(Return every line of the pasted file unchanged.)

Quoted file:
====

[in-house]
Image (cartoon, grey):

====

[in-house]
Image (cartoon, grey):